Lives in: Hicksville
Family: No spouse, no children
Profession: Software engineer and scientific programmer
Courtesy Jeremy Joseph
The Democratic primary for New York State Senate District 7 is coming up on August 23, and for Jeremy Joseph of Hicksville, this will be his first run for public office.
Joseph was born in 1984 in Houston, Texas, where he also grew up and attended college at the University of Houston. Joseph went on to earn a graduate degree from Penn State University in 2009, specializing in applied physics.
After graduating from Penn State, Joseph became a software engineer, specializing in numerous advanced programming and high-performance computing. He has previously worked for United States defense contractors and general tech companies.
Outside from work, Joseph’s greatest passion has been his activism, particularly in the areas of the environment and rising rent costs. According to him, it was the lack of support from the Democratic establishment in Albany that led him to run in this election.
“Whenever you try to talk with an elected official, they are so far removed from the things we’re facing that they certainly don’t support a lot of the bills that are happening at the state level that would provide substantial help,” Joseph asserted. “We can’t just live at the mercy of elected officials who’re not listening to us, and so that’s why I decided to run for office.”
Joseph’s activism work has been with numerous groups covering various topics, with two of the most prominent being with LI United and the Invest In Our New York Coalition. LI United is a group of organizations, activists and community members whose goal is to transform public safety by divesting funding from policing to re-invest that money into communities.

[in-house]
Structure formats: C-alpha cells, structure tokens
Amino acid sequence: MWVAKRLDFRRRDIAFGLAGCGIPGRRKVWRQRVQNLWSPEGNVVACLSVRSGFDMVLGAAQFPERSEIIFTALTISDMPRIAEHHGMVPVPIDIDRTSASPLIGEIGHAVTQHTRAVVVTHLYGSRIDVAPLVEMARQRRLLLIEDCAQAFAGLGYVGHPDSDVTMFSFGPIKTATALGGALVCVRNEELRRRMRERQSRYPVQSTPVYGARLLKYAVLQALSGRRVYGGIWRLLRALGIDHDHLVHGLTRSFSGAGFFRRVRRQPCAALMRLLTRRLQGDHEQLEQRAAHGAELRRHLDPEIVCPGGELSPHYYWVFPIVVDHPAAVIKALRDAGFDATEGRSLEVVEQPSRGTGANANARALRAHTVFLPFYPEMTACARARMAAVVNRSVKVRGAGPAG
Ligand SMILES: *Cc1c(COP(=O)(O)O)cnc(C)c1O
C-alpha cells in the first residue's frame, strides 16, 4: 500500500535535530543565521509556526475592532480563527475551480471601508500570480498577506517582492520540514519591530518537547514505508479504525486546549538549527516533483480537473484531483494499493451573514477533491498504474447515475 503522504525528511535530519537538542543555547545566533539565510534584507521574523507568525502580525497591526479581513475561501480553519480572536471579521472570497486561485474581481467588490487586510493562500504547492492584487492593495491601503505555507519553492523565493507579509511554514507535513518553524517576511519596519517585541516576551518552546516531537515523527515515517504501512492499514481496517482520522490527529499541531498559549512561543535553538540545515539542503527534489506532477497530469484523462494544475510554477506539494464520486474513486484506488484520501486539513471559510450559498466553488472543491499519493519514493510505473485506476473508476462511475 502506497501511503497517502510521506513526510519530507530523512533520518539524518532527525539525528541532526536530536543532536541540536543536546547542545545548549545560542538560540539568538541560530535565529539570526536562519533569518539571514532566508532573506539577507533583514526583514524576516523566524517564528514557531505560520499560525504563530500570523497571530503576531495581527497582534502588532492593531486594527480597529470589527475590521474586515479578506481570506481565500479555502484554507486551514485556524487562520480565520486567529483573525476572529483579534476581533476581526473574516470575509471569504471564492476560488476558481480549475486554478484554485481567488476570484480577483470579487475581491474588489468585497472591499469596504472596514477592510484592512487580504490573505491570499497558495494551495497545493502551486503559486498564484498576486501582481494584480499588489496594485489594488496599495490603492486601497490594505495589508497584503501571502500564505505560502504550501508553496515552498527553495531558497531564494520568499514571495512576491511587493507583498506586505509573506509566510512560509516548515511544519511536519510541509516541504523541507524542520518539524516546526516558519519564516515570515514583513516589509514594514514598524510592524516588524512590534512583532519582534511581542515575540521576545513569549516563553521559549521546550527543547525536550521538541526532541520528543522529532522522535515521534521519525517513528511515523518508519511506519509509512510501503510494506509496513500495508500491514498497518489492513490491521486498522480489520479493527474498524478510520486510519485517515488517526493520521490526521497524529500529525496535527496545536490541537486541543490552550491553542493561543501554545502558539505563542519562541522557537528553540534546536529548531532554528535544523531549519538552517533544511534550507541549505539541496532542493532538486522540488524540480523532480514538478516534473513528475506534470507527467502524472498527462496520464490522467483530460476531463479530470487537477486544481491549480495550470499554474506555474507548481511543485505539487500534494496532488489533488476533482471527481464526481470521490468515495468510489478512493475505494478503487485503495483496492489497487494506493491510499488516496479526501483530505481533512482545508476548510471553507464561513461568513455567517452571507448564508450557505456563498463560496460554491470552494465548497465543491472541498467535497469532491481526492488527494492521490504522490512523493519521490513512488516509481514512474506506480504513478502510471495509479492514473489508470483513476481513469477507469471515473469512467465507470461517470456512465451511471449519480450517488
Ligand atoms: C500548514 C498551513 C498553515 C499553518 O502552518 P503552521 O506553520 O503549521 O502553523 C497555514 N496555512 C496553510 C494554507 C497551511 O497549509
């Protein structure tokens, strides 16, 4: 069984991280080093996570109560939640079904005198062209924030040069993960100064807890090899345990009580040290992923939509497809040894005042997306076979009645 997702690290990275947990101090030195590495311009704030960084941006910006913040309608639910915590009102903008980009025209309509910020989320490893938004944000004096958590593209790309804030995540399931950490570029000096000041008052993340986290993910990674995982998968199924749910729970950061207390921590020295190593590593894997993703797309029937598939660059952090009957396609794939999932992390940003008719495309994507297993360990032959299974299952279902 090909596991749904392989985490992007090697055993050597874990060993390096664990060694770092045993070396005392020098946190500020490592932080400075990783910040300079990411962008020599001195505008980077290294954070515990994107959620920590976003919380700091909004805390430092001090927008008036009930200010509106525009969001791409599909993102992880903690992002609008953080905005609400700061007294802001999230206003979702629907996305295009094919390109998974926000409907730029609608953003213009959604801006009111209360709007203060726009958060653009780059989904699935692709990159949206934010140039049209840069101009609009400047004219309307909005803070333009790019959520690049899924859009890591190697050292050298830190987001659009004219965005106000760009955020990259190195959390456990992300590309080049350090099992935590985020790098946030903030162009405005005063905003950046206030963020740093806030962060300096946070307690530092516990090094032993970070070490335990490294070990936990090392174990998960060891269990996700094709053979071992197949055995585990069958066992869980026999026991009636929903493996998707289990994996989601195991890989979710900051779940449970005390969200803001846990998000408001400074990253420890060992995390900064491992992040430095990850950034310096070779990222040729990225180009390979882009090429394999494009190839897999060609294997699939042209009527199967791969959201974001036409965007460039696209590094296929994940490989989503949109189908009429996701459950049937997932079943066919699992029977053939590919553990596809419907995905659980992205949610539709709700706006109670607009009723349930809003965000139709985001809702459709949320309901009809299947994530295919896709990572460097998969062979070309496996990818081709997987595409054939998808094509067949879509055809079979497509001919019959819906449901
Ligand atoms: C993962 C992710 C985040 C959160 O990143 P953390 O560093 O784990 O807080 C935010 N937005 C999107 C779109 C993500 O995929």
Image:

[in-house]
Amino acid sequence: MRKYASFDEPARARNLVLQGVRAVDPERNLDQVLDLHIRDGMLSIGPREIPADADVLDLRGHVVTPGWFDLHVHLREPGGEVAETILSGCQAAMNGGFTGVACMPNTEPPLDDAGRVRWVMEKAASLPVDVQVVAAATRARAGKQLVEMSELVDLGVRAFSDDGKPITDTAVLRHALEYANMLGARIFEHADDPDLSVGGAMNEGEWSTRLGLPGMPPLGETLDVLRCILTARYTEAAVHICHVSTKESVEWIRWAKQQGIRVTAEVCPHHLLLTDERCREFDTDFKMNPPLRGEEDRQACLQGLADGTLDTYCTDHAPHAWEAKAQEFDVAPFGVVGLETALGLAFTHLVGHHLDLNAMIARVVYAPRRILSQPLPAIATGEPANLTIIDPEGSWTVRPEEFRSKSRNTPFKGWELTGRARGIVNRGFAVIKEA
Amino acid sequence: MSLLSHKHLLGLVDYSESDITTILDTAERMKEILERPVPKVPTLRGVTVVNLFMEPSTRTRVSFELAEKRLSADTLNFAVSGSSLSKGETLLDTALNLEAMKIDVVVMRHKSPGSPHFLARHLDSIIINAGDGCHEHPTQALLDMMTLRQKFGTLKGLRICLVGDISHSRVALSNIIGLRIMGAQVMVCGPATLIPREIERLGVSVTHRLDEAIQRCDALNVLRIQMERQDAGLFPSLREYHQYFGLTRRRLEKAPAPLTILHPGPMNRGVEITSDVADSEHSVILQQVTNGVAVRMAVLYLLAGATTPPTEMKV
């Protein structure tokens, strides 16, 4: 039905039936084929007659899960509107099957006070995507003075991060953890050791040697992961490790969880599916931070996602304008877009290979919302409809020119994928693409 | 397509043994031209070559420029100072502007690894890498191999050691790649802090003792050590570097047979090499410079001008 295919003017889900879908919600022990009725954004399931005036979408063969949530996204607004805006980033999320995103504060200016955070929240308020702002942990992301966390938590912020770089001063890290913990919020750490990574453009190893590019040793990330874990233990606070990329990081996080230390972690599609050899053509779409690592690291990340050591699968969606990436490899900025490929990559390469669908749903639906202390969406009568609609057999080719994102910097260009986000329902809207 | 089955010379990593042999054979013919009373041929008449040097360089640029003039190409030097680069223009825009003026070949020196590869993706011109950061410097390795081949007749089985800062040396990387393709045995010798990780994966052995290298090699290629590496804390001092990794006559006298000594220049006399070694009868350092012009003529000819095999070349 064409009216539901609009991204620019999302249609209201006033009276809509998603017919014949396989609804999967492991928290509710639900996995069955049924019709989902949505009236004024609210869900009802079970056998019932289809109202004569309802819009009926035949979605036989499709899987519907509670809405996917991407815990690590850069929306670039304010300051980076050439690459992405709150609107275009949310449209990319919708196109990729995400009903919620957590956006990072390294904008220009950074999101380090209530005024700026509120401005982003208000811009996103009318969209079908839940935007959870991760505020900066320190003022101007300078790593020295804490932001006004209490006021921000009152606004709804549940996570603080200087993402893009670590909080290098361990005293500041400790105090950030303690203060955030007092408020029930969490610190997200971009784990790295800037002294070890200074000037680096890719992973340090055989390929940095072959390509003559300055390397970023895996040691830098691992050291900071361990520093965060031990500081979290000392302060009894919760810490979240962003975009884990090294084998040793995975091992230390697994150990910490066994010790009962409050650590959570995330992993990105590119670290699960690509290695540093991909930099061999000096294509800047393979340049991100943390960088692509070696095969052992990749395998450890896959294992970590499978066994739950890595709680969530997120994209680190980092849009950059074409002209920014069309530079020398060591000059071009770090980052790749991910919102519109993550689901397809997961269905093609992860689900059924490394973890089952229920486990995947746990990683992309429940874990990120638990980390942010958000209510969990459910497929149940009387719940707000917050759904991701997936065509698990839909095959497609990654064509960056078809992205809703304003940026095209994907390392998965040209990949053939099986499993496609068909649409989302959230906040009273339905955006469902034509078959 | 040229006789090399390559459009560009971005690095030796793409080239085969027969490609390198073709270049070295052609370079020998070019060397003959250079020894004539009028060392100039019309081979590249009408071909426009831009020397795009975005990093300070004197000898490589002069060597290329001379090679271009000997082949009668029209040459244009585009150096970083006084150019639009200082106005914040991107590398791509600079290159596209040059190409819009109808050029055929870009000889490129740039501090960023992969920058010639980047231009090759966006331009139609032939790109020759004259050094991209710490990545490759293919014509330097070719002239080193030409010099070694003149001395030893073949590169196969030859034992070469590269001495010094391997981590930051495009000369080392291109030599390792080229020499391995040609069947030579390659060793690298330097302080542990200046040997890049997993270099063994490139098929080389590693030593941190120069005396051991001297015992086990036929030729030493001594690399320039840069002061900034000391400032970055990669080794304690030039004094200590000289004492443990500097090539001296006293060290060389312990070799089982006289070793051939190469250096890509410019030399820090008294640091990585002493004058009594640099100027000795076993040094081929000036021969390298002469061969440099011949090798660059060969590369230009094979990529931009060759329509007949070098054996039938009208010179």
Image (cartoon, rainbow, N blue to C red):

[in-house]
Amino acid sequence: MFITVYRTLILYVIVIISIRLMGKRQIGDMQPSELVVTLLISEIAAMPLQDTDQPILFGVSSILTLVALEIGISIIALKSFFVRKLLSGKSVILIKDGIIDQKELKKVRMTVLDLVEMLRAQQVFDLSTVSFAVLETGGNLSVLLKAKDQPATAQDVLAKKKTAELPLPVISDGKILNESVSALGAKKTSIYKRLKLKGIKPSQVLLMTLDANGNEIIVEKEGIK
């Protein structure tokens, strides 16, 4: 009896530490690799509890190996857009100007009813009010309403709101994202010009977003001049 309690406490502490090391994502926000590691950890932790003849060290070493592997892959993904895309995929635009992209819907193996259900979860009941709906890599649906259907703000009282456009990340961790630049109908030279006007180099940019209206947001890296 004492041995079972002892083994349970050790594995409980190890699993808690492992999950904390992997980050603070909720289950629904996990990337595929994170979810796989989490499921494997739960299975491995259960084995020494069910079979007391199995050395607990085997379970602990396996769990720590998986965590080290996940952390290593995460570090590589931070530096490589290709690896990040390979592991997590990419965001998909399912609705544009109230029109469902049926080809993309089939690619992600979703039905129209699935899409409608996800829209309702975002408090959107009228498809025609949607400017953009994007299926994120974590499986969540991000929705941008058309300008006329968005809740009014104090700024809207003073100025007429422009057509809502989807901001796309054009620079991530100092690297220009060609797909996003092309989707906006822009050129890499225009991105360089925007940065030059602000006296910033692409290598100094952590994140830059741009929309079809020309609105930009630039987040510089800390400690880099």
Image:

Meanwhile the coalition’s goal has been to get the state legislature to pass the Invest In Our New York Act to end tax breaks for the richest residents in New York state. According to the groups’ website this act could raise as much as $50 billion, which would then be used to rebuild New York’s economy following the pandemic.
Joseph explained that it is his work as an activist that has primarily fueled his desire to run for this election. He mentioned that in his time as an activist one of the biggest issues wasn’t convincing state representatives to necessarily vote on bills, but rather to get them to sponsor bills.
This is because by the time a bill goes to the floor, it is likely already going to be supported by one party or another. The really tricky part, Joseph said, is getting the Legislature to discuss them in the first place. As a state senator his foremost goal would be to view sponsoring bills, not just voting on them.
“Until a bill has enough co-sponsors and enough people putting their names on it, they’re never going to call it to the floor for a vote,” Joseph said. “Some senators will say ‘Oh yeah I voted for it,’ but the thing is by the time that vote happens the bill is already passing. It’s like that person in a group project that doesn’t do any work then takes all the credit.”
Joseph’s platform can essentially be broken down into three parts. He is planning to fight for climate change and climate justice, universal healthcare and childcare, and economic equality in the form of fair and balanced rent and taxes for residents of the 7th District based on wealth.
According to Joseph, it takes someone outside the system like him to solve these issues. His goals are obtainable, he said, and will benefit residents of the 7th District, and all of New York.
“New York state has real, substantial solutions that we can provide to families, but we need people in office who are willing to take bold action to bring it home, and that’s not what we have right now,” Joseph said. “We have party people, people who just toe the line but aren’t willing to fight for what’s needed.”